Magic

fairground

 

 

 

 

 

 

 

 

 

 

 

 

Sometimes,

When you least expect it

Your ordinary life

Is sprinkled with fairy dust

And blessed with love.

 

I stopped looking for extraordinary signs,

Extraordinary circumstances;

Knights on white horses,

The random grand gestures

That blind you

To the billion simple joys

A kindred soul brings

 

One day, I realized

Magic is the capacity to see wonder

In everyday things.

 

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Lost Teddy

Still on the subject of teddy bears… On a trip to Kyoto two years ago, while jostling my way through the throng of tourists to get the requisite shot of the Kinkaku-ji (The Golden Pavilion), something curious caught my eye. Sitting jauntily on the bamboo fence in front of the tranquil temple was a little caped teddy! The sight was so incongruous–and utterly charming. Kawaii! Yet, I couldn’t help but feel a little tug in my heart for the poor child who had obviously misplaced his or her furry friend. Though my travel buddies were already moving on along the garden path, I hung back to see if anyone would come to claim Captain Cute. Sure enough, after a few minutes a little girl and her parents seemed to be cautiously retracing their steps, and soon, the girl gave a whoop of joy upon finding her precious bear. What luck to have witnessed this happy reunion!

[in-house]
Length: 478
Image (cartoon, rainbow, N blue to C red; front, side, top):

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Kinkaku-ji, Kyoto, 2012. Photographed by Pierra C. Labrador

Exchange Student

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Everyone talks too much

In the new foster home

I am assigned to.

 

Everyone wants to know

Every detail of your day,

Your date,

Your life

Had I know it would be this way

I would have faked a

Language barrier

Even if it meant

Sacrificing my pride.

 

When everyone fights,

It’s even worse;

We are encouraged to voice our feelings,

Thoughts,

Reasoning

As if I could think straight

In a rage.

 

Everyone is all touchy-feely

As if they could cure

Two decades of my pain

With a hug

(I know it’s a start, but—)

They think I’m rude

When I cannot reciprocate

When I cannot talk when I am mad

Or return an embrace

 

They must learn

That I was just not built that way.

They should not judge;

I am not the only student in this house.

 

When their intrusive chatter

Grows too loud

I wonder if their own son,

Who lives halfway around the world

In my house,

Has discovered the eerie,

Liberating feeling

Of living without sound.

 

Birds, San Francisco, 2006. Photographed by Pierra C. Labrador